Contemporary, modest and practical defines Archt Ravindu Karunanayake’s design of the Meal Cart bakery and pastry shop. Built on a small plot of land adjacent to the main road well within the city limits, the design is purported to tempt one in for a quick snack or meal through its lucid glass façades and welcoming exterior.

By Manisha Wijegoonawardena  |  Photography: Prabath Chathuranga

“The client’s requirement was straightforward; he wanted to set up a bakery and pastry shop along with a cooking area,” says Archt Karunanayake. In order to fulfill the client’s requirement the Architect conceptualised a design that would maximise the compact space available, through the manipulation of appropriate materials. Thus the double-storey structure has been built with ground floor comprising of the bakery and pastry shop whilst the cooking area is secluded on the top floor and used for internal purposes alone.

Within, the glass display counters that hold pastries, cakes and other food items work as a partition between the customers and staff. The counter expands in a semi-square shape giving sufficient space for the bistro style steel tables available for dining, to be placed at a comfortable distance.

“My focus was to create more with less as the buildable area was very small and the land had an odd shape,” says Archt Karunanayake on dealing with the challenge of the compact size of the land, and creating a design to fit into the available land space. With the double-storey building, spacing was allocated on both inside and out, even allowing enough space for parking facilities.

In line with the Architect’s general approach to many of his designs; modern, and minimal, the interior is straightforward with cement cut walls and light beige coloured tiled flooring to complete the look. The neatly hung paintings customised according to the theme ‘meal cart’ offers adequate amount of colour to blend in with the uncluttered setting. While the counters, food cabinets are finished in glass, the tables are of silvered steel and the colour tones are harmonised with the design to giving a welcoming feel to anyone who enters the shop.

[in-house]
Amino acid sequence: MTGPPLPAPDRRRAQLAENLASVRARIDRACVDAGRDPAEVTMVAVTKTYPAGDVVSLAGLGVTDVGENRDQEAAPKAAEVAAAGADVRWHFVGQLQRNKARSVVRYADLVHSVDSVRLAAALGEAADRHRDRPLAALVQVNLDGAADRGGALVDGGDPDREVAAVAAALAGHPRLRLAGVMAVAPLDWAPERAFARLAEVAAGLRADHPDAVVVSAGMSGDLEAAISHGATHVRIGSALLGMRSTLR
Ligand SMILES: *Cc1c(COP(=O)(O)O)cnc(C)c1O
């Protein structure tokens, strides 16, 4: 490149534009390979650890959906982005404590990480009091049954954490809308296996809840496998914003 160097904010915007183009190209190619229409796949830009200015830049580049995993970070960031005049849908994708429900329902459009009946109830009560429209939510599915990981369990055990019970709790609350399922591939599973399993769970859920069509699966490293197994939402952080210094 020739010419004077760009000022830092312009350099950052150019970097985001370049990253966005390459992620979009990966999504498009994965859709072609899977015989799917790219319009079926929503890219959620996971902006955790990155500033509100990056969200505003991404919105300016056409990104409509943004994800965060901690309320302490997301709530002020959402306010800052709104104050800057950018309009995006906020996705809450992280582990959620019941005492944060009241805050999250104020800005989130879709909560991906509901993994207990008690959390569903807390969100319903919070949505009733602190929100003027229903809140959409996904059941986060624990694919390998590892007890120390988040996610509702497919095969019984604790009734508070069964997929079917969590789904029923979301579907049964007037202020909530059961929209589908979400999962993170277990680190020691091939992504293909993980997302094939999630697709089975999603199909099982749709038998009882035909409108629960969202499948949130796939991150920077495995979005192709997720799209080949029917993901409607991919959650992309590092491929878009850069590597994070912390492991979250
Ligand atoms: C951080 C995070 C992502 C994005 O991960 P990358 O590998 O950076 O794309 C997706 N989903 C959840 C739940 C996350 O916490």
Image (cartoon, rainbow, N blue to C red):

The highlight of the design, as the Architect describes are the “fin walls” that separate the large glass façades in the outer elevation of the building. The glass façades offer passers-by a full view of the display counters especially after sundown when they are fully lit up with suspended lights, a feature conscientiously incorporated to attract customers. The fin walls are not simply a part of the design but it works as an advertising medium as well. “They were very much intentional, I knew that in the long run the client will make use of them for advertising purposes and it also enhances the look and feel of the place.” says Archt Karunanayake.

The regulatory restrictions for the height of the building due to its location in addition to the compact space available have had minimal impact on the outcome due to the design concept further to being cost efficient. According to Archt Karunanayake “there is nothing extraordinary about the design but it fits the purpose perfectly and the client was happy with the outcome.”

“My focus was to create more with less as the buildable area was very small and the land had an odd shape.”

The building blends in with the hustle and bustle of the city while creating prominence for its simplicity and practicality; well suited for its purpose. It stands to captivate customers with its cosy atmosphere that persists even following few years of its construction.

Principle Architect: Ravindu Karunanayake

Square Area of the Site: 3300 sqft

Foot Print/Square Area of Project: 1480 sqft / 2915 sqft

Date of Completion: August 2006

Project period: 8 months (construction)

Contractor: M. G. Chandradasa

Client: Clement Silva